• Accumulation of Extracellular Matrix in Advanced Lesions of Canine Distemper Demyelinating Encephalitis.

Accumulation of Extracellular Matrix in Advanced Lesions of Canine Distemper Demyelinating Encephalitis.

PloS one (2016-07-22)
Frauke Seehusen, Seham A Al-Azreg, Barbara B Raddatz, Verena Haist, Christina Puff, Ingo Spitzbarth, Reiner Ulrich, Wolfgang Baumgärtner

In demyelinating diseases, changes in the quality and quantity of the extracellular matrix (ECM) may contribute to demyelination and failure of myelin repair and axonal sprouting, especially in chronic lesions. To characterize changes in the ECM in canine distemper demyelinating leukoencephalitis (DL), histochemical and immunohistochemical investigations of formalin-fixed paraffin-embedded cerebella using azan, picrosirius red and Gomori`s silver stain as well as antibodies directed against aggrecan, type I and IV collagen, fibronectin, laminin and phosphacan showed alterations of the ECM in CDV-infected dogs. A significantly increased amount of aggrecan was detected in early and late white matter lesions. In addition, the positive signal for collagens I and IV as well as fibronectin was significantly increased in late lesions. Conversely, the expression of phosphacan was significantly decreased in early and more pronounced in late lesions compared to controls. Furthermore, a set of genes involved in ECM was extracted from a publically available microarray data set and was analyzed for differential gene expression. Gene expression of ECM molecules, their biosynthesis pathways, and pro-fibrotic factors was mildly up-regulated whereas expression of matrix remodeling enzymes was up-regulated to a relatively higher extent. Summarized, the observed findings indicate that changes in the quality and content of ECM molecules represent important, mainly post-transcriptional features in advanced canine distemper lesions. Considering the insufficiency of morphological regeneration in chronic distemper lesions, the accumulated ECM seems to play a crucial role upon regenerative processes and may explain the relatively small regenerative potential in late stages of this disease.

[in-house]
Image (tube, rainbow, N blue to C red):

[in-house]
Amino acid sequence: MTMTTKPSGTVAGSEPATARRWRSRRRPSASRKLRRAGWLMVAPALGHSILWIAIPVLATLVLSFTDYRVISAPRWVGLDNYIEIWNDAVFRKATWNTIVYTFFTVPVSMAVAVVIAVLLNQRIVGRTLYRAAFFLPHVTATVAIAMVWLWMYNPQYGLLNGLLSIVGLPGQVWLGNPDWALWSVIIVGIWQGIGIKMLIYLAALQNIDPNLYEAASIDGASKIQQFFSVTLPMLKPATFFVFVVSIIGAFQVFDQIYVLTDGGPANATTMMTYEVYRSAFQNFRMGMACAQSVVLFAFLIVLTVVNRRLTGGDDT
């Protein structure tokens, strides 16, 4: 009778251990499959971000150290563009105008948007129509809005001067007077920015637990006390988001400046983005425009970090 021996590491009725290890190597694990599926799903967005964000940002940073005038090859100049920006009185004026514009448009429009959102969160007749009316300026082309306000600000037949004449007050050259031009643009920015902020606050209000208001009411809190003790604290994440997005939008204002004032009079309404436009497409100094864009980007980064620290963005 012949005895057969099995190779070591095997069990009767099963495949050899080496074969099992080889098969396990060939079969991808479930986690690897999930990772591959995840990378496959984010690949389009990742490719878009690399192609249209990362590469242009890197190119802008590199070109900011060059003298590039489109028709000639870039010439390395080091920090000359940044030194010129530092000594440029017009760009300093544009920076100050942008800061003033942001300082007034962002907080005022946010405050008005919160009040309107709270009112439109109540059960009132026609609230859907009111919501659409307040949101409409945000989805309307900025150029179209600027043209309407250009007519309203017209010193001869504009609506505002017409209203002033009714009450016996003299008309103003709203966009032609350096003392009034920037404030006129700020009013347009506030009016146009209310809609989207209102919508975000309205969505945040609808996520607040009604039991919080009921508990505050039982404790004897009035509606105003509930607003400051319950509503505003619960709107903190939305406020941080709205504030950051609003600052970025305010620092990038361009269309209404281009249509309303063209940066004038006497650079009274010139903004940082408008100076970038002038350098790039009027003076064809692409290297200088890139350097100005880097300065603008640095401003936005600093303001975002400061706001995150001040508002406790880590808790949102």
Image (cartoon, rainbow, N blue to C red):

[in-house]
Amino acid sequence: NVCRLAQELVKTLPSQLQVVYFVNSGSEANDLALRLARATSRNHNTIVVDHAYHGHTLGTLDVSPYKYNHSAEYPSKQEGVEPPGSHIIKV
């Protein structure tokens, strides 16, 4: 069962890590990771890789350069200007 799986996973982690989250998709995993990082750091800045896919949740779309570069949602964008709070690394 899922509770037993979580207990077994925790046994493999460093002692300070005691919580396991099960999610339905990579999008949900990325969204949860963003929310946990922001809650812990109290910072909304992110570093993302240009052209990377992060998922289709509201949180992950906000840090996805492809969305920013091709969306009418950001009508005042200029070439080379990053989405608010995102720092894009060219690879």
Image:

Anti-Neurocan Antibody, clone 650.24, clone 650.24, Chemicon®, from mouse
Anti-Phosphacan Antibody, clone 122.2, ascites fluid, clone 122.2, Chemicon®